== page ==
The Lewa Wildlife Conservancy in Kenya is a national leader in the protection of many of Africa’s iconic animal species. Lewa currently hosts more than 300 resident Grevy’s Zebra, a whopping 12% of the remaining population in East Africa. This sub-population of Grevy’s has become a focal point in Lewa’s research which has contributed to improving the long term national strategy plan. Earlier this spring a monumental field mission took place, Marwell Wildlife conservation biologist Dr. Zeke Davidson set out with a team from Lewa and KWS staff in an effort to attach radio collars to a undocumented sub-population of Grevy’s Zebra.
The expedition was a resounding success:
“Prior to this mission, only anecdotal evidence existed of individuals in this area. Now however, after successfully collaring two females, a crucial step towards understanding connectivity between all sub-populations in northern Kenya has been taken. Even more encouraging is the healthy status of the individuals encountered during the dry season. Despite very limited natural resources in an ecosystem shared with livestock and pastoral people, Grevy’s zebras appear to make the most of their environment by eating shrubs along with grasses (An adaption which equips them for desert living) and migrating long distances to reach water (they can go 4 – 5 days without drinking).”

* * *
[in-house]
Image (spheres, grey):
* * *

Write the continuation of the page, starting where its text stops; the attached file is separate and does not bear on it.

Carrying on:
Lewa continues to contribute its research findings on existing Grevy’s settlements towards a collaborative data compiling effort that includes all non-profit organizations in Northern Kenya. The increased communication between various institutions is an exciting step forward in the effectiveness of conservation efforts. Continued donations have allowed Lewa to carry out these projects and become one of the most influential leaders in the protection of iconic African species.